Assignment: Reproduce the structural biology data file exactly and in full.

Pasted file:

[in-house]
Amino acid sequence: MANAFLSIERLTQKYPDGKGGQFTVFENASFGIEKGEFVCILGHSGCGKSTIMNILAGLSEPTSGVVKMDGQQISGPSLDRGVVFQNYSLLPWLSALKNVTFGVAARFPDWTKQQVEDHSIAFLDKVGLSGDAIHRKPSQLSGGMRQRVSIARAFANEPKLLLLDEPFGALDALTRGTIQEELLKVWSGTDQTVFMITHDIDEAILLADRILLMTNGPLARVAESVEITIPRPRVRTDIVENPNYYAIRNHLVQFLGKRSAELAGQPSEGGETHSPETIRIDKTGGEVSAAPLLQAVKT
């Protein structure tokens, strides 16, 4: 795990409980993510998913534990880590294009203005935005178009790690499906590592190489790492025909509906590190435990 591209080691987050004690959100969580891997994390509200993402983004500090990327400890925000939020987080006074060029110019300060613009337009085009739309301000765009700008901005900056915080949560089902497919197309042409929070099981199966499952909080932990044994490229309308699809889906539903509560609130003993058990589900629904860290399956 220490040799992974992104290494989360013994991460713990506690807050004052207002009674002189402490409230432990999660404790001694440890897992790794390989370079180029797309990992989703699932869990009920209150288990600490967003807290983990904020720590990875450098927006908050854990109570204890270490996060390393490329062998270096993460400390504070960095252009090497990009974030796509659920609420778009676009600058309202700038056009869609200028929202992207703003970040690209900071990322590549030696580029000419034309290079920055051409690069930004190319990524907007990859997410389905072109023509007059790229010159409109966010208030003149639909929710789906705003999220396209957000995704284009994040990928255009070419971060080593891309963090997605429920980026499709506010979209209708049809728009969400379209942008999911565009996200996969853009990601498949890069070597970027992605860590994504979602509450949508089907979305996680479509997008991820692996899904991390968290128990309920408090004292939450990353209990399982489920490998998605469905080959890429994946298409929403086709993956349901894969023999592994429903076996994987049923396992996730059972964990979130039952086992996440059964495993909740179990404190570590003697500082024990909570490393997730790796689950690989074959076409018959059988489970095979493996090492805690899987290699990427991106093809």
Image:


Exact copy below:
[in-house]
Amino acid sequence: MANAFLSIERLTQKYPDGKGGQFTVFENASFGIEKGEFVCILGHSGCGKSTIMNILAGLSEPTSGVVKMDGQQISGPSLDRGVVFQNYSLLPWLSALKNVTFGVAARFPDWTKQQVEDHSIAFLDKVGLSGDAIHRKPSQLSGGMRQRVSIARAFANEPKLLLLDEPFGALDALTRGTIQEELLKVWSGTDQTVFMITHDIDEAILLADRILLMTNGPLARVAESVEITIPRPRVRTDIVENPNYYAIRNHLVQFLGKRSAELAGQPSEGGETHSPETIRIDKTGGEVSAAPLLQAVKT
């Protein structure tokens, strides 16, 4: 795990409980993510998913534990880590294009203005935005178009790690499906590592190489790492025909509906590190435990 591209080691987050004690959100969580891997994390509200993402983004500090990327400890925000939020987080006074060029110019300060613009337009085009739309301000765009700008901005900056915080949560089902497919197309042409929070099981199966499952909080932990044994490229309308699809889906539903509560609130003993058990589900629904860290399956 220490040799992974992104290494989360013994991460713990506690807050004052207002009674002189402490409230432990999660404790001694440890897992790794390989370079180029797309990992989703699932869990009920209150288990600490967003807290983990904020720590990875450098927006908050854990109570204890270490996060390393490329062998270096993460400390504070960095252009090497990009974030796509659920609420778009676009600058309202700038056009869609200028929202992207703003970040690209900071990322590549030696580029000419034309290079920055051409690069930004190319990524907007990859997410389905072109023509007059790229010159409109966010208030003149639909929710789906705003999220396209957000995704284009994040990928255009070419971060080593891309963090997605429920980026499709506010979209209708049809728009969400379209942008999911565009996200996969853009990601498949890069070597970027992605860590994504979602509450949508089907979305996680479509997008991820692996899904991390968290128990309920408090004292939450990353209990399982489920490998998605469905080959890429994946298409929403086709993956349901894969023999592994429903076996994987049923396992996730059972964990979130039952086992996440059964495993909740179990404190570590003697500082024990909570490393997730790796689950690989074959076409018959059988489970095979493996090492805690899987290699990427991106093809």
Image: